THE Trinidad and Tobago Olympic Committee (TTOC) has come in for high praise from this country's Olympic athletes as the Committee celebrates 75 years of service.
In a TTOC release, Minister of Sport and Community Development, Shamfa Cudjoe, also shared the athletes' sentiment, saying: 'The TTOC is among the most reputable, effective and productive sport institutions in the nation. The TTOC goes above and beyond the call of duty to develop our athletes, not only in their professional development, but also in their personal development. I'm pleased that the TTOC always presents itself to assist the Ministry in resolving disputes, developing programmes and policies, and providing guidance to the sporting fraternity.
'TTOC takes the business of sport very seriously, and is always ready to champion innovative approaches to advancing sports and adding value to the local sport industry.'
Minister Cudjoe also congratulated TTOC president Brian Lewis for his commitment and dedication to his job, adding Lewis' leadership and vision 'continue to contribute to the excellent performance of the TTOC, and remain invaluable assets to sport development in this country.'
Lewis himself said the goal of the TTOC has always been to inspire excellence in TTO athletes to enable them to realise their full potential.
Lewis, also president of the Caribbean Association of National Olympic Committees (CANOC), added that sustaining the non-profit organisation continues to be challenging, especially in the midst of Covid-19.
'The TTOC will continue to put athletes first.'
Earlier this month, the Committee rolled out its '75,000 steps in 75 days' initiative -- a campaign that runs until Olympic Day (June 21) -- in which participants pay $75 and can either run, walk, cycle or swim. The money will go towards the TTOC's #10golds24 Athletes Welfare and Preparation Fund.
Three-time Olympic medallist Richard Thompson said the TTOC has been a pleasure to work with over the years.
'If they're in a position to help you they will, if not they'll be upfront about it -- and that's something you can definitely respect in this industry...,' Thompson said, '...I encourage them to maintain that mentality as there is a high standard of expectation within our country.'
2020 Olympic hopeful Kyle Greaux said the TTOC had impacted his sporting career positively.
'Most notably through their strategic partnership with the Michael Johnson Performance camp. There, I gained insights that later improved my performances and perhaps prevented injuries,' Greaux underlined, 'Financial support from the committee not only kept me in the sport but enabled me to become a competitive athlete on the world stage...The committee in its efforts to help all its athletes work tirelessly, day in day out.'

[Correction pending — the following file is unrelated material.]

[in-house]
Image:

2012 & 2016 Olympian Andrew Lewis said his association, relationship, and connection to the TTOC has played a massive role in the support system, especially in the last three or four years.
'They have revolutionised the athlete support network ... they have all played a fundamental role in my Olympic career by not only making themselves reachable but by allowing themselves to be teachable -showing them how the sport of sailing works and emphasising the importance of certain aspects where I really need support.'
2018 Commonwealth Games 200m champion Jereem Richards added :'The TTOC has impacted my career by providing support and more as an athlete and also educating me and other athletes about the history of sport in Trinidad and Tobago.'
Shot put specialist and Olympian Cleopatra Borel said interaction with the organisation at Olympic House has always been a source of guidance and motivation.
'It is my opinion that the TTOC is the nucleus of the Olympic movement in Trinidad and Tobago, it is the ever present 'force' that navigates a complex arrangement of NGBs, GBs and ISFs (International Sports Federations), ultimately for the benefit of athletes.'
Two-time Olympic medallist Keston Bledman said the TTOC has been a stalwart for maintaining standards and providing opportunities to the athletes.
'These opportunities with the standards expected of me as an Olympic athlete played a major role in my physical, mental, emotional, social and financial standing. This support allowed me to be comfortable and confident to give of my best in representing Trinidad and Tobago. TTOC continues to be the flagship for sports and athletes in Trinidad and Tobago.'